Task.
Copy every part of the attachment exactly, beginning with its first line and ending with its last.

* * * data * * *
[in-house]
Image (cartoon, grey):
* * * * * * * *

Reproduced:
[in-house]
Image (cartoon, grey):